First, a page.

Invasive Schminvasive

A couple of years ago I noticed a new plant growing on our island property, up near an old woodpile. It was sprouting so vigorously into a small heap of green, corrugated leaves that it immediately caught my attention, and I began watching its growth with interest, wondering what it would become.

It became a multi-stemmed plant about chest high, with a cluster of little yellow flowers atop, similar to yarrow. I’ve since tried to properly identify the plant, but thus far with no success.

My point being that I had never seen this plant before that day, in some 20 years of messing about on our wooded acreage. And it has since sprung up all around.

As it appears now. U.S. Dept. of Agriculture photo
As it appears now.
U.S. Dept. of Agriculture photo

And it’s not alone in this sort of botanical victory. When we first bought the property there were no daisies growing anywhere. I’d see them growing by the side of the road in other areas on the island and think, a little wistfully, that they might look quite nice in the meadow above our home.

Those daisies now grow in all the open spaces near us. When I mow I leave some of them standing in white, fountain-like sprays.

Ranging further afield, as a young man I don’t recall seeing great blue herons mincing about the beaches of Vancouver, as they do now, while nesting noisily in considerable numbers in Stanley Park. As a child I don’t recall seeing red foxes within the bounds of Grande Prairie, or wild rabbits within Edmonton’s limits, as I do now when I visit those cities.

My greater point being that, in just my adult life, I’ve seen that Nature is a fluid system. Certain species come and go. (Blue birds seem to have disappeared from Alberta.) Especially it seems, certain species have learned to adapt to the urban landscape.

So when folks get worked about so-called ‘invasive species,’ I tend to get a little skeptical. A few years back purple loosestrife was the invasive danger of the day, said to be poised to assault and entirely conquer all the wetlands of Canada. Japanese knotweed seems like it may be the current favourite among those who get agitated about Nature’s changing patterns. On Galiano, some residents have actually proposed campaigns to eradicate Scotch broom, an introduced species that has infested the Garry oak meadows so characteristic of the southern Gulf Islands. But as anyone who has ever witnessed the power of that particular plant to spread and prosper could tell you, such a campaign is hubris of an extraordinary dimension.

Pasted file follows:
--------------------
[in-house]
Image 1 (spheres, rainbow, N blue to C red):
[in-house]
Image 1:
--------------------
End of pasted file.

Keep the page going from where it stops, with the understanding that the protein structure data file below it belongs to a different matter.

But such hubris is precisely what characterizes us as a species. We have hugely altered the planet’s surface; astonishingly, the Geological Society of America estimates that we have now modified more than 50% of the Earth’s land surface. And as we all know, the two words most often mentioned when ascribing causes to the elimination of animal species on our planet are ‘habitat loss.’ And guess who is responsible.

We alter the landscape because we can. We seem to possess an irresistible urge to change, adjust and otherwise ‘improve’ the environment that exists immediately around us. Certainly I am among the guilty. Our bit of rural paradise has been revised by me in any number of ways in the time we have ruled over it; trees have been felled, gardens planted, even a creek dammed. Sometimes this had been done for practical purposes, storing water or providing heat, but, as often as not, it has been done for what can only realistically be described as ‘aesthetic’ reasons. We humans feel safer in open, controlled spaces, even when no real dangers exist.

Red foxes have moved into cities because of the food supply they find there. Rabbits find that the cities support fewer of the predators they fear, although coyotes may have more to say about that in future. The daisies first appeared on our property after a trench was dug for the water line which runs from the well to our home. And this is how it is with the great majority of the species which so concern us. They almost always arrive with the disturbances that we humans bring.

No, the truth is that, when it comes to invasive species, we have some nerve to even mention the supposed problem. The only true invasive species is us.